You’ve heard the one about the starfish…

right?

Stop me if you’ve heard this one. Oh, wait, it’s a blog – you can’t stop me. Hee. Okay – if you’ve heard this one, feel free to skip the next three paragraphs.

So one day there was a storm, and the high tides brought hundreds… nay, thousands, of starfish up past the normal tide line. When the waters receded, the starfish were stranded. As the sun came out, they were drying up, dying in the heat and unable to return to the water on their own power.

A young boy and an old man were walking on the beach. The old man watched as the boy picked up a starfish and threw it out into the water. The boy went to the next starfish and did the same thing. After watching him for several minutes, and several fishes, the old man approached the boy and said, “son, you are crazy. There are thousands of starfish stranded on this beach. You will never be able to save them all, or even save enough of them to make a difference.”

The boy picked up a starfish, looked at it thoughtfully, and flung it out into the water to safety. Then he looked at the old man and said, “it made a difference to that one.”

Yeah, I know, old story, old cliche, old and tired and overdone by every do-gooder in the history of do-goodingness. I know. But today I was not looking for originality points. I was just a little bit frustrated. See, last weekend at the pancake fundraiser we raised a little bit of money to fight cholera in NW Haiti. Not a whole lot, but some. It was not what most would consider a crashing huge success. In fact, if you really were to analyze it in worldly terms it was pretty close to being a failure. Except one couple, one dear couple who I am proud to be in CMA with, came and looked at the display of school children who need sponsors, and asked a lot of questions about sponsoring school children, and took away one of the “how to sponsor a child” cards that I had made. If they choose to sponsor, it will make as much difference to that “one” as going back into the water would make to a starfish. I’m not even exaggerating here. Twenty-five dollars a month does so much more than give a kid a chance to get a better job when he/she grows up. It literally can save a life – sometimes just because school lunches are the only food they get. But I digress.

We did not, as I said, raise a crashingly mind-blowingly huge sum of money. We did, however, raise and send enough for a few people suffering from cholera to receive an IV and some oral rehydration salts, and maybe even antibiotics if they needed it. It made a difference to those ones.

But what really has been eating at me all week was something said by another guest – also a wonderful, kind, delightful CMA member that I am proud to be in ministry with and who I respect. And believe me, he is not the first to say this and will not be the last, but once in a while I just have to call it. He said,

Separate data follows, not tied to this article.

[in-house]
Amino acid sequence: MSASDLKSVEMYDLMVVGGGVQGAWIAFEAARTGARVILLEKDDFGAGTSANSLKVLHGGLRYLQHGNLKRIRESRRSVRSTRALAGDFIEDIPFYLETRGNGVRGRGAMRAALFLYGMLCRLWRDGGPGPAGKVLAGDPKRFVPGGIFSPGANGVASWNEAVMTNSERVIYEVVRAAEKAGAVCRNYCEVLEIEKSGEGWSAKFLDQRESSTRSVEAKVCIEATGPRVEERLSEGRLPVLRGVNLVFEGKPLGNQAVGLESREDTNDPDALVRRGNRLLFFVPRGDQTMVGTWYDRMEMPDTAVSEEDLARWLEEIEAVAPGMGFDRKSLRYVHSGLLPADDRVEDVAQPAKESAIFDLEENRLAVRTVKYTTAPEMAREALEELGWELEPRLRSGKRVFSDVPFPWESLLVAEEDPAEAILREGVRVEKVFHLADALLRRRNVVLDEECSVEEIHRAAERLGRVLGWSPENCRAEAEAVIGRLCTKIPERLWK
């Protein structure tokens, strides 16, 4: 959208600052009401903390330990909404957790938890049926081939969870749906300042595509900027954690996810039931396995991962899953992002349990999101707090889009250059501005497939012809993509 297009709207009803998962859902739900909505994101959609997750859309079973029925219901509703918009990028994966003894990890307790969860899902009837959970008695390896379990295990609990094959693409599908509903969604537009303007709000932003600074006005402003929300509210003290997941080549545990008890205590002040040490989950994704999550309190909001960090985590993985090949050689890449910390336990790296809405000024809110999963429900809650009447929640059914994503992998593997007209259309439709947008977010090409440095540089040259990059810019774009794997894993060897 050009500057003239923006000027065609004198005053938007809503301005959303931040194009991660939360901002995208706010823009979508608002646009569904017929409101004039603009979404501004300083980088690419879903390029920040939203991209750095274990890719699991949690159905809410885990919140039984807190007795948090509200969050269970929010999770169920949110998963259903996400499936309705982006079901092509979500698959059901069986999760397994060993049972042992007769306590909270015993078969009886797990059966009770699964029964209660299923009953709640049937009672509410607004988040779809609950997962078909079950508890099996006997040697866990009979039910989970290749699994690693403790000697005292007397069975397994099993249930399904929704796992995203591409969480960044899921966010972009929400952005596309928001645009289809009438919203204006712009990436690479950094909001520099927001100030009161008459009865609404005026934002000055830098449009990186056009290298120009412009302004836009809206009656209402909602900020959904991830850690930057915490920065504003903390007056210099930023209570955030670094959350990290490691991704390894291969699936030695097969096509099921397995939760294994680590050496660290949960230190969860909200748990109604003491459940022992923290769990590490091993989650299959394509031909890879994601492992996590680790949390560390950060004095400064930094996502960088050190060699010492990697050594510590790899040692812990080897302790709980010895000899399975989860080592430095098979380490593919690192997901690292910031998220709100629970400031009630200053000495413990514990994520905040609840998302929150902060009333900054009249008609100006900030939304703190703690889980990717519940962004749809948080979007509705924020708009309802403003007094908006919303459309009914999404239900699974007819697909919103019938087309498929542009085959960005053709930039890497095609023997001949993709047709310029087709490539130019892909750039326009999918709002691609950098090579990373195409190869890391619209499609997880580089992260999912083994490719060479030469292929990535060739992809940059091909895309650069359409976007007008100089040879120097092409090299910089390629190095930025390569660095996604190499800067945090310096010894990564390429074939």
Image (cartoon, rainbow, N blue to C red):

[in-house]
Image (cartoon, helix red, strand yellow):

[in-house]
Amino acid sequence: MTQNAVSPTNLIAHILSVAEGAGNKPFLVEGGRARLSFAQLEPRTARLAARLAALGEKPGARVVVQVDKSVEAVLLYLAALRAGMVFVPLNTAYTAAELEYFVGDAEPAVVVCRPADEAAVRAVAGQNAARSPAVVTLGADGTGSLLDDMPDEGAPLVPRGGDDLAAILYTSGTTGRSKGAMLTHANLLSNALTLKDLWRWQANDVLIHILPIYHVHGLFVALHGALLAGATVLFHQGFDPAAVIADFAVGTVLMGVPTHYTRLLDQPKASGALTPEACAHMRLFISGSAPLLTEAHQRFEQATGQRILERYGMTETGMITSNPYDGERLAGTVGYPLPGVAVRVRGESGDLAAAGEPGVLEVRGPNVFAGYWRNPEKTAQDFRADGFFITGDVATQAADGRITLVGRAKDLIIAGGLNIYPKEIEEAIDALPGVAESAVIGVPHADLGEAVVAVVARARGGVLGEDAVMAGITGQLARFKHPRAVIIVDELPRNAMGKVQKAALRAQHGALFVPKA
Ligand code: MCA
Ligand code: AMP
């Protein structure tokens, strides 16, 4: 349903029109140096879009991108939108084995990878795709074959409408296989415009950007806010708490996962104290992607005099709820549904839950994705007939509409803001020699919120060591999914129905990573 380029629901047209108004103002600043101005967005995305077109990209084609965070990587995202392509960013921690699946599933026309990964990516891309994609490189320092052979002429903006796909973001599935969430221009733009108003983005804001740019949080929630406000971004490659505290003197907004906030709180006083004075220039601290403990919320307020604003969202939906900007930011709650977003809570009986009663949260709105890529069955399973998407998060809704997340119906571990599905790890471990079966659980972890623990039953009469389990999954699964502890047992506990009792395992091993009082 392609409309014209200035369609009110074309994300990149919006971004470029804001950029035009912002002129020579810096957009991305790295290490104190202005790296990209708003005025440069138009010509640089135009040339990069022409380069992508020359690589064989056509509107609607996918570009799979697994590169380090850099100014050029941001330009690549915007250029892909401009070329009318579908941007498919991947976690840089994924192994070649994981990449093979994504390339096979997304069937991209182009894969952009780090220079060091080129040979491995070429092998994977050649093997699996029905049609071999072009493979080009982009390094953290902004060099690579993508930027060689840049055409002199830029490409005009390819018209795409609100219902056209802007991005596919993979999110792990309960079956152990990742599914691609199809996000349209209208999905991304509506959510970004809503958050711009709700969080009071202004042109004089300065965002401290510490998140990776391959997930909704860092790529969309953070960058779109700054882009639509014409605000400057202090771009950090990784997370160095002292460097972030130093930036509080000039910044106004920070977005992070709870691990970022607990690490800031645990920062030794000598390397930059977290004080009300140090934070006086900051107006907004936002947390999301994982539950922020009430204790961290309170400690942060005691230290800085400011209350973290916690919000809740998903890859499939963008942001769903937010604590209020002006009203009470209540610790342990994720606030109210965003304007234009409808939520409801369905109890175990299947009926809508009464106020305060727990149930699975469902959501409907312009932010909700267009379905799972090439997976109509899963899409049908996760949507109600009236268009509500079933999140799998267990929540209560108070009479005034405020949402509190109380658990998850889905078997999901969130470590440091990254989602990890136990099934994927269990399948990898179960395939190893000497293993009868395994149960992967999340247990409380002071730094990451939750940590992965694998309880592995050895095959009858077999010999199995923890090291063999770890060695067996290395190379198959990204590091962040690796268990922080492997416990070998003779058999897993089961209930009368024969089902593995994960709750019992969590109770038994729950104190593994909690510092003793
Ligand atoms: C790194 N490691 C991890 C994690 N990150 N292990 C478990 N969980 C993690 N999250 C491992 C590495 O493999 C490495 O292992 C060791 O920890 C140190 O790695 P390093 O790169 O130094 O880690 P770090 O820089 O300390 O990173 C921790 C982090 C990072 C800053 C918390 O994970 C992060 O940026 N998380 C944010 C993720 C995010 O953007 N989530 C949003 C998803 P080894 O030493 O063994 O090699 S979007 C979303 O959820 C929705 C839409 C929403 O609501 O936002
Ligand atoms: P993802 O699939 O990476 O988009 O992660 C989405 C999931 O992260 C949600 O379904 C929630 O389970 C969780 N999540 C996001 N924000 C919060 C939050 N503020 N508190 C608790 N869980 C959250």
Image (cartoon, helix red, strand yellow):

“Haiti. <eyeroll> Yeah, that place is a mess. Always has been, always will be. Nothin’ anyone can do about that.”

Well, something like that. Something like – “the mess is too big, why are you wasting your time trying to clean it up?”

The mess is huge. And I CAN NOT clean it up. I’m just a dumb blan girl from North Carolina, I’m not rich, I’m not famous, I’m not even particularly good at throwing fundraisers (although I do plan to practice until I get better at it!)

I can’t fix depleted soil, or pathetically inadequate access to affordable health care, or infrastructure, or jobs, or tourism. I don’t know anything about politics, I don’t know nearly enough about Haitian culture, and you could put my knowledge of sustainable agriculture up next to my dying pot of basil to see how much I don’t know about that.

Quite honestly, I am convinced that a dumb blan from North Carolina should not be trying to save Haiti. For a variety of reasons, starting with the evils besetting a culture of dependancy, Haiti should and must be saved by Haitian citizens. And they can save it. They are. Check out http://renewal4haiti.org if ya don’t believe me. 

But I can make a difference to Kerly and Malia. And since I can, I kind of have to – at least if I want to proceed through life with a bit of self-respect intact. And if I can the mission with it’s new secondary school and the funding to keep it going, and help Haitian teachers and Haitian school administrators get the funding and training and support they need to start more secondary schools and keep them going and educate Kerly and Malia’s generation – it will make a difference to those ones.

Boy, am I glad to have that off my chest. I didn’t really realize how much it was bugging me until I started ranting about it.

Love y’all. Happy Thanksgiving – I am grateful to be alive, saved, and loved by my family! And a lot of other things that would bore you silly to read if I tried to list them all, so go ahead and focus on your own lists. Enjoy!

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